• Some infrastructures at the Reserve headquarters were rehabilitated;
  • Economic development activities included the supply of agricultural materials to improve the livelihoods of local communities;
  • The participatory boundary demarcation process in the north-west and east of the property has been initiated jointly with the local communities and will be continued in 2021;
  • A socio-economic study was carried out in the Wamba sector in collaboration with the University of Kisangani, however no details were provided;
  • It is planned to revive the Okapi breeding station by capturing some specimens, and to also promote tourism and contribute towards the financing of the property.

The World Heritage Centre received information from the Reserve authorities that a guard post was attacked by illegal miners on 21 April 2020, following an operation by these authorities to evacuate the illegal gold mining site of Bapela. Fortunately, there were no casualties. However, two ICCN guards were killed in another attack on 17 September 2020 at the Adusa post at the entrance to the property. UNESCO has officially condemned this attack. The World Heritage Centre also received a copy of the public-private partnership agreement (PPP) signed by the State Party with the Wildlife Conservation Society (WCS) in 2019 for the management of the property.

Analysis and Conclusion by World Heritage Centre and the Advisory Bodies in 2021

The reported improvement of the security situation in the property and the continued collaboration between ICCN, FARDC and authorities are encouraging. However, the incidents following the operation to close the Bapela mining site, reports of the fighting at the Muchacha mining site, as well as the assassination of two guards at the post of Adusa at the entrance to the property show that the security situation remains problematic and continues to impact the management of the property. It is recommended that the Committee extend its sincere condolences to the families of the guards killed.

While the on-going efforts to close down various illegal mining sites are welcome, the persistence of illegal mining activities within and around the property, and the reported involvement of some local authorities, remain issues for serious concern, particularly noting that some mining operations appear to have evolved from small-scale artisanal mining to large-scale semi-industrial operations using equipment like dredgers. The development of a permanent settlement at the Muchacha mining site, the largest illegal mining site in the Reserve, is also extremely worrying. It is clear that illegal mining in the property requires strengthened commitment, including at provincial and national levels in order to restore law and order. Overall limited management capacity remains highly concerning. Patrol coverage remains at less than half the property (47%), well below the 60% corrective measure threshold. This is coupled with a lack of new eco-guard recruitment and concerns over insufficient sustainable financing. Furthermore, no information is provided on the update of the Integrated Management Plan (PAG). It is hoped that with the signature of the PPP with WCS, it will be possible to raise additional financial resources for the property, to strengthen the management capacity and update the PAG.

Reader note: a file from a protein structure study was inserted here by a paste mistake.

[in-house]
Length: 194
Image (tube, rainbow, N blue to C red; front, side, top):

The intention to rehabilitate the okapi breeding station is noted. However, it is recommended that no okapi should be captured before the security situation is stable, considering also that the revival of tourism will remain problematic whilst insecurity persists. It is also recommended that the State Party, as part of the update of the PAG, develop an integrated in-situ and ex-situ okapi conservation strategy and engage best practice expert guidance, such as through the IUCN Species Survival Commission Giraffe and Okapi Specialist Group.